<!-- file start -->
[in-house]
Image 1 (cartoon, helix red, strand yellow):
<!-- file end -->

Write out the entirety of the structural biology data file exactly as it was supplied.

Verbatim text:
[in-house]
Image 1 (cartoon, helix red, strand yellow):